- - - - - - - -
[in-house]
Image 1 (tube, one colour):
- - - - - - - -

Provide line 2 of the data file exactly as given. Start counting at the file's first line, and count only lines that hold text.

Image 1 (tube, one colour):